|Number 16-01: A Peculiar Case of Myocarditis in an Adolescent|
Number 16-01: A peculiar case of myocarditis in an adolescent.
Case from: Aamisha Gupta, Yuyang Zhang, Jayanth Keshavamurthy, Kenneth Murdison.
Institute: Children's Hospital of Georgia at Georgia Regents University, Division of Pediatric Cardiology and Department of Radiology, Augusta, GA.
Clinical history:A 17 year old male with a history of autism presented to the emergency room with a three day history of subjective fever, otitis media and acute onset of chest pain for one day. He was treated initially with NSAIDs and amoxicillin/clavulanate but without full resolution of the pain. His associated symptoms included left-sided shoulder pain, shortness of breath and rigors. He denied palpitations, syncope, cyanosis, headache, back pain, abdominal pain or vomiting. He also denied smoking or use of illicit drugs. In the emergency room, his initial labs were significant for a regular troponin I of 54 ng/ml, a BNP of 233 pg/ml and a negative viral panel and urine drug screen. His initial EKG and echocardiogram were abnormal:
EKG A: His initial EKG demonstrated ST segment elevation in the lateral leads.
ECHO Findings: His initial echocardiogram demonstrated mildly diminished global systolicfunction (EF of 43%) with hypokinesia of the posterolateral wall. No pericardial effusion was noted. Hospital Course: He was transferred to the pediatric intensive care unit in normal sinus rhythm. He was initially treated with scheduled NSAIDs for suspected pericarditis. After a decline to 32 ng/ml, repeat troponin I levels increased to 54 ng/ml, and serial EKGs demonstrated evolving ST changes (EKG images B and C).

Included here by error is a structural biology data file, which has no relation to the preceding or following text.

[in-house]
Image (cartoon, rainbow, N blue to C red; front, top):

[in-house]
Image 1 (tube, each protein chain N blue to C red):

He was started on anticoagulation therapy and underwent cardiac catheterization due to a suspected acute coronary event. Coronary angiography demonstrated normal vessel anatomy and patency, mildly diminished systolic function and an elevated left ventricular end-diastolic pressure of 17 mmHg. He was continued on NSAIDs and aspirin. A cardiac MRI (CMR) was performed on a Philips 3T magnet and included cine imaging, T2-weighted imaging for edema and T1-weighted post contrast images to detect late gadolinium enhancement (LGE).
CMR CINE IMAGING:
Video A: SSFP (cine) imaging in the “4-chamber” or ventricular long axis view demonstrated diminished LV function (ejection fraction of 40%), a small pericardial effusion and small bilateral pleural effusions.
Image A. T2W-TSE image in the axial plane revealed high signal intensity of the left ventricular
LATE GADOLINIUM ENHANCEMENT (LGE) IMAGING:
LGE image B-Long axis (“4-chamber”) LGE image C-ventricular short axis
LGE image D- LV long axis (LVOT)
LGE Images B-D: T1W post contrast delayed inversion recovery sequences demonstrated
multiple, patchy areas of enhancement of the subepicardial region of the myocardium
with normal subendocardial layer. These areas were noted in the interventricular septum and
free wall, in a non-coronary distribution, and were confirmed in multiple planes. A trivial
pericardial effusion was also seen; all of which help support the diagnosis of myocarditis
according to the Lake Louise consensus criteria.
Hospital Course, continued: Despite the EKG changes, CMR findings and the continued elevated troponin levels, the patient remained hemodynamically stable without arrhythmias throughout his hospital stay. He remained in the hospital for 1 week and was discharged once his troponin I levels normalized and EKG remained stable. He followed up for a repeat echocardiogram 10 days later that demonstrated no left ventricular segmental wall motion abnormalities or pericardial effusion. The left ventricular function remained mildly diminished (EF 55%).